Brian Robinson Jr.

Alabama running back Brian Robinson Jr. carries the ball during practice.

TUSCALOOSA — Like most of the four- and five-star players Alabama recruits, Brian Robinson Jr. thought highly of his ability coming in, even as the “other” running back in the Crimson Tide’s loaded 2017 signing class.

But, also like many that have come before him have learned, the ability to play early in their Alabama careers is hardly a guarantee and, in fact, those that do see the field right away are usually the exception, not the rule.

It’s why now, as the bruising 226-pound junior readies to finally step out of the shadows and take his place as one of the Tide’s lead tailbacks this season, Robinson believes he’s better prepared for the opportunity ahead precisely for having experienced “the Process.”

“You should take that as a humbling experience and just focus on just getting better so that you are ready to play,” Robinson said of waiting Thursday. “If you’re not ready to play, the coaches are not going to lie to you. The film’s not going to lie to you. So, at that point, you just need to focus on what you need to get better so that you will be when you are granted the opportunity to play.”

As a four-star recruit from Tuscaloosa’s Hillcrest High in 2017, Robinson arrived at Alabama as one of the nation’s Top 150 players and the eighth-best running back in the class, according to 247Sports.com’s composite rankings. Of course, that same signing class also included five-star California product Najee Harris, the nation’s No. 1 running back and No. 2 overall player per the 247 composite rankings.

The duo joined a loaded Crimson Tide tailback room that already featured reliable juniors Damien Harris and Bo Scarbrough, who combined for 1,849 yards and 13 touchdowns the season before, and eventual first-round pick Josh Jacobs as the team’s sophomore change-of-pace option.

Suffice it to say, Robinson began his collegiate career buried within an overcrowded Alabama backfield, which was understandably difficult to accept at first.

“The most challenging part about (it) is you come here, you compete and work hard every day, and just coming from high school, being that guy, you expect to go out there and just be granted the opportunity immediately,” said Robinson, who rushed for 990 yards and 18 touchdowns as a senior at Hillcrest. “You’re like, ‘Why am I not this? Why am I not this?’ (But) you’re not ready, and the film’s not going to lie to you. So, most guys, it’s just hard for them to just accept the fact that they’re just not ready to play as much as they think that they’re ready to play.”

For the next two years, Robinson’s in-game appearances — especially out of the backfield — were few and far between. Among the 26 games he’s participated in, Robinson only managed 10 or more carries three times, all in lopsided blowouts in the first half of last season. Robinson’s workload significantly fell off down the stretch, though, as the fourth-string ‘back accounted for just 31 yards on six total carries over the final seven games of the year, including no carries against Auburn, Georgia, Oklahoma or Clemson.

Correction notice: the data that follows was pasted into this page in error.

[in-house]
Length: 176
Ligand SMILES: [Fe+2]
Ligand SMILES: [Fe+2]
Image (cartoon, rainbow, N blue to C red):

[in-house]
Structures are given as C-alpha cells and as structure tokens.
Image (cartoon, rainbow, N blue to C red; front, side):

Even Alabama head coach Nick Saban admits that may have been a mistake.

“If there’s anybody that deserved more in terms or their role a year ago it was probably him,” Saban said Wednesday of Robinson. “The depth of the position probably didn’t allow him to get as many turns as even (we) would’ve liked for him to, but I don’t think that impeded his development at all because he’s got great knowledge and experience and he’s been able to play enough to know what it’s like to play in big games. I’m sure he’ll do a great job for us this year.”

In two years, Robinson has combined on 87 total carries for 437 yards (averaging 5 yards per carry) and four touchdowns, including 63 carries for 272 yards and two touchdowns in 2018.

Yet, despite the overall lack of in-game carries, Robinson has more than proven himself to Alabama’s coaches.  

“Brian Robinson’s done a really good job with whatever we’ve asked him to do. He’s certainly matured (since) he’s been in the program,” Saban said. “He’s been an outstanding special teams player. He’s a really good competitor. He’s got toughness. He’s very instinctive as a runner. I think he’s got good overall knowledge of the offense. There’s no reason for him to not to be able to assume a greater role (this season).”

The expectation is the powerful Robinson will pair with the dynamic Najee Harris to create a familiar thunder-and-lightning backfield combination that Tide fans have grown accustomed to in recent years, with true freshmen additions Trey Sanders and Keilan Robinson providing quality depth along with redshirt freshman Jerome Ford, the team’s lone running back signing from a year ago.

Of course, with added expectations come greater responsibility, which is exactly what Brian Robinson Jr. has been preparing for since he first arrived on campus.

“Obviously it’s more serious,” Robinson said. “I always took things serious, but it’s just the next level now, knowing that my role’s increasing and I’ll be used for more things. (It’s) just focusing on everything I need to fix in order to be prepared.”

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